For several years, scholars have (for good reason) been largely preoccupied with worries about the use of artificial intelligence and machine learning (AI/ML) tools to make decisions about us. Only recently has significant attention turned to a potentially more alarming problem: the use of AI/ML to influence our decision-making. The contexts in which we make decisions—what behavioral economists call our choice architectures—are increasingly technologically-laden. Which is to say: algorithms increasingly determine, in a wide variety of contexts, both the (...)
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  16. Presumptuous Aim Attribution, Conformity, and the Ethics of Artificial Social Cognition.Owen C. King - 2020 - Ethics and Information Technology 22 (1):25-37.
    Imagine you are casually browsing an online bookstore, looking for an interesting novel. Suppose the store predicts you will want to buy a particular novel: the one most chosen by people of your same age, gender, location, and occupational status. The store recommends the book, it appeals to you, and so you choose it. Central to this scenario is an automated prediction of what you desire. This article raises moral concerns about such predictions. More generally, this article examines the (...) of artificial social cognition—the ethical dimensions of attribution of mental states to humans by artificial systems. The focus is presumptuous aim attributions, which are defined here as aim attributions based crucially on the premise that the person in question will have aims like superficially similar people. Several everyday examples demonstrate that this sort of presumptuousness is already a familiar moral concern. The scope of this moral concern is extended by new technologies. In particular, recommender systems based on collaborative filtering are now commonly used to automatically recommend products and information to humans. Examination of these systems demonstrates that they naturally attribute aims presumptuously. This article presents two reservations about the widespread adoption of such systems. First, the severity of our antecedent moral concern about presumptuousness increases when aim attribution processes are automated and accelerated. Second, a foreseeable consequence of reliance on these systems is an unwarranted inducement of interpersonal conformity. (shrink)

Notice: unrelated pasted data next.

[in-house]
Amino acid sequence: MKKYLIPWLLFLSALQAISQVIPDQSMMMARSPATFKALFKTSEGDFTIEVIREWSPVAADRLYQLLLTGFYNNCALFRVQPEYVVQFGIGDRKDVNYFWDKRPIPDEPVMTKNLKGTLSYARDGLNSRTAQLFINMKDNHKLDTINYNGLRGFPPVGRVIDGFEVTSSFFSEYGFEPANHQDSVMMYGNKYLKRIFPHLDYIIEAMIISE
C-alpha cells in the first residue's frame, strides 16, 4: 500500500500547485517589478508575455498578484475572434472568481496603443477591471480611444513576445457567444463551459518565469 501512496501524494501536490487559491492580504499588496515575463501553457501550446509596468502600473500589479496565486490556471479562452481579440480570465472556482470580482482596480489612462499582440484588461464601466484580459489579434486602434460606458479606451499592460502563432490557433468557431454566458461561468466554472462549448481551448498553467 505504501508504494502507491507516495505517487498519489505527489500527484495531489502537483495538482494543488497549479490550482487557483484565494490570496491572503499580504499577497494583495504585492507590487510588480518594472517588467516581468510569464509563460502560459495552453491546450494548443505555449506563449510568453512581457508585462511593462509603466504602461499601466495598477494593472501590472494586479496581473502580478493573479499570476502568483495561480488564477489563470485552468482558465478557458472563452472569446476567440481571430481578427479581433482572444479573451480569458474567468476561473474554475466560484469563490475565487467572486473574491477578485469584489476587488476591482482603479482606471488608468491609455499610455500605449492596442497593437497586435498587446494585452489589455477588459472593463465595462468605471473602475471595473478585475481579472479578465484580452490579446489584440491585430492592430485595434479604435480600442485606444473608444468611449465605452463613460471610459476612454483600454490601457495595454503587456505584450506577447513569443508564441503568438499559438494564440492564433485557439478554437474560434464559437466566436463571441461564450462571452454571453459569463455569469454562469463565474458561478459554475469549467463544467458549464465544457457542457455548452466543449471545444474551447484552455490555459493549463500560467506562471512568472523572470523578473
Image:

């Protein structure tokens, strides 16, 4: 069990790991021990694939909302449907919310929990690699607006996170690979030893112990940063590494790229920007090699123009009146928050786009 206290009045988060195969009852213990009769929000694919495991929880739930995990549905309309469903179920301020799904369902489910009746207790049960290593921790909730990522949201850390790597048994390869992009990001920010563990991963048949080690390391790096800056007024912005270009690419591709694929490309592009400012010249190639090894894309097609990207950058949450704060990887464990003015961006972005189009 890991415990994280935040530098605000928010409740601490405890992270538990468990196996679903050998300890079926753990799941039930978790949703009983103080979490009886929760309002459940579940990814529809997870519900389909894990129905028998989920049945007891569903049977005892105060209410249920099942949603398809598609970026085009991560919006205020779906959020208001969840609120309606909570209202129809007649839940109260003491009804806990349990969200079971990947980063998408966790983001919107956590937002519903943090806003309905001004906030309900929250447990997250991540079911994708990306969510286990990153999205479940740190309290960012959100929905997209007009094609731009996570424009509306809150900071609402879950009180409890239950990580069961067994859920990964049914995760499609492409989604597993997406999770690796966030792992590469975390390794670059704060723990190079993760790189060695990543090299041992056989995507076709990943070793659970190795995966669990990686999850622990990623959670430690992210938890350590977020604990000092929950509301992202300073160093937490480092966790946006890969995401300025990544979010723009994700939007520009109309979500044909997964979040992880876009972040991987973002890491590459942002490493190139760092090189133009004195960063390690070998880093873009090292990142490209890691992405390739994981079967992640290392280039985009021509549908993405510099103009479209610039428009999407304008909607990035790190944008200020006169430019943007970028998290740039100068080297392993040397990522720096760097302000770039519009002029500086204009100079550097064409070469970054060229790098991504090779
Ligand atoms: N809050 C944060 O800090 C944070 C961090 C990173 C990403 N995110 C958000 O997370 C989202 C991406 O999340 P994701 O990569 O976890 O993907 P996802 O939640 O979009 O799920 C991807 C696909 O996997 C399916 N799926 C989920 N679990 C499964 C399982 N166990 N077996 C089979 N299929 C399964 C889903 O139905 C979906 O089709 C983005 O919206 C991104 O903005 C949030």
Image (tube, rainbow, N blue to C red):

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  17. Artificial Intelligence and the ‘Good Society’: The US, EU, and UK Approach.Corinne Cath, Sandra Wachter, Brent Mittelstadt, Mariarosaria Taddeo & Luciano Floridi - 2018 - Science and Engineering Ethics 24 (2):505-528.
    In October 2016, the White House, the European Parliament, and the UK House of Commons each issued a report outlining their visions on how to prepare society for the widespread use of artificial intelligence. In this article, we provide a comparative assessment of these three reports in order to facilitate the design of policies favourable to the development of a ‘good AI society’. To do so, we examine how each report addresses the following three topics: the development of (...)
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  18. Risks of Artificial General Intelligence.Vincent C. Müller (ed.) - 2014 - Taylor & Francis (JETAI).